The Russell Westbrook story became so ubiquitous so quickly in 2016-17, that it became easy to forget that the Oklahoma City Thunder were a real team with real quirks and winning attributes that we not only once enjoyed, but championed.
Only a TV goof would say that Westbrook somehow stripped the club of its identity in his search for a triple-double, or its willingness to share the ball and ability to turn into an all-rounder. As if Steven Adams quips aren’t all over the place, as if coach Billy Donovan and general manager Sam Presti aren’t universally admired despite some serious gristle to chew on, as if we didn’t spend an entire regular season obsessing about Victor Oladipo’s fit on the club as a floor-opener and passer while mostly ignoring the great Patrick Beverley’s superior play in national terms (until the Houston guard finally spoke up).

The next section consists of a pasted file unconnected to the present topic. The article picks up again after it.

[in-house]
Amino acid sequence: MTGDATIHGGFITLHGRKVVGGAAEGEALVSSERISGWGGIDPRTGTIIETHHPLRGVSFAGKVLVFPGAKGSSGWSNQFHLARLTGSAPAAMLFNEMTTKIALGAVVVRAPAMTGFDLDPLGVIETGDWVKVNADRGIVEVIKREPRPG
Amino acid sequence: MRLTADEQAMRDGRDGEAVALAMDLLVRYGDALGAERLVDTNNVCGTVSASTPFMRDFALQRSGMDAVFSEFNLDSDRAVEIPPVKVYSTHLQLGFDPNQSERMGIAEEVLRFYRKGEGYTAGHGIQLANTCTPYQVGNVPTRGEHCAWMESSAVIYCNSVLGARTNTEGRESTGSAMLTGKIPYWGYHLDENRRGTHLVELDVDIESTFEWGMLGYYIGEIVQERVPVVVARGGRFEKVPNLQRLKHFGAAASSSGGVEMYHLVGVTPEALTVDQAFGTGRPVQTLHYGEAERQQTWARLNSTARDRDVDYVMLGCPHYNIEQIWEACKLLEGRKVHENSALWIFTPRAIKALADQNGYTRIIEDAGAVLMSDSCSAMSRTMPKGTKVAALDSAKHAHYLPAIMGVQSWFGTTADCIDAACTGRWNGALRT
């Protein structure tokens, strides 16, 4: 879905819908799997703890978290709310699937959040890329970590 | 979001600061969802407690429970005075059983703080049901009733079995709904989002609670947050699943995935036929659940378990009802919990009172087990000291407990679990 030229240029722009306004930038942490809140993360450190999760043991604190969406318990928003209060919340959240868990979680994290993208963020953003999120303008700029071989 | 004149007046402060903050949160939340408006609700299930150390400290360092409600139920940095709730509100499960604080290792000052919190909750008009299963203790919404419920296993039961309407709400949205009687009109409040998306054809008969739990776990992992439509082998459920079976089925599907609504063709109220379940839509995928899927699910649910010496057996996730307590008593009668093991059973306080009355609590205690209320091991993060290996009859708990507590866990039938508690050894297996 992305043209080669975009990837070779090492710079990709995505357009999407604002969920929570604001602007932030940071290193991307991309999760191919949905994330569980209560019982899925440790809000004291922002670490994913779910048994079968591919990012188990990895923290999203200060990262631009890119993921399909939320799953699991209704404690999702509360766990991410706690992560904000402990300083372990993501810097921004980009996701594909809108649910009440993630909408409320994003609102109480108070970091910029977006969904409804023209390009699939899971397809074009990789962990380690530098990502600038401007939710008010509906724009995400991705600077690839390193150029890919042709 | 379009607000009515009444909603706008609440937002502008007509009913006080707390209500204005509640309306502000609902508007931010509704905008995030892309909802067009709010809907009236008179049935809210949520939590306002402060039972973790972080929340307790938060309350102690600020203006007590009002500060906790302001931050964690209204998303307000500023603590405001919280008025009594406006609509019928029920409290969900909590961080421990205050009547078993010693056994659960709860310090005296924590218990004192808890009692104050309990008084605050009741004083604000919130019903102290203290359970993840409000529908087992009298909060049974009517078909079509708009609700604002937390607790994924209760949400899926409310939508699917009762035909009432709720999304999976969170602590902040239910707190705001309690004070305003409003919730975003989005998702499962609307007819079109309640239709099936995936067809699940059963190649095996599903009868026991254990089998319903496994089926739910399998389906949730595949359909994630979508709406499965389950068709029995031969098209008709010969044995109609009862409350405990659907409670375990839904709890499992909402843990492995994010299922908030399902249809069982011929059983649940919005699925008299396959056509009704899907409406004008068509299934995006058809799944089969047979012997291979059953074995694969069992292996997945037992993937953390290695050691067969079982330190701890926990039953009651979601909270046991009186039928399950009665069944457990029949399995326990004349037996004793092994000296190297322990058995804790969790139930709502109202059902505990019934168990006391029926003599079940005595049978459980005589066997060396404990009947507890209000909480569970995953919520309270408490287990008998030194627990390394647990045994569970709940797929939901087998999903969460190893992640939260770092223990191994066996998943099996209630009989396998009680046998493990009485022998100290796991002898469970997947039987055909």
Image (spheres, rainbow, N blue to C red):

Houston ended Oklahoma City’s season on Tuesday, while we all tried to explain to each other and ourselves (for the 87th time in OKC’s season) What It All Meant. The thinking behind the coverage surrounding Westbrook’s unplanned and sometimes-enjoyed triple-double run was well-deserved – the man turned in a season that feels like it would be diminished by a group of mere mortals voting him even the league’s top official, individual honor. Westbrook’s status as 2017 MVP or not was decided by most sometime last January, and that’s become a bit of a problem.
If you were swayed by Westbrook’s late-season charge of big games and clutch finishes (if you were, and for whatever side, let me ask you this: whyyyy?), you no doubt spent the time talking about it.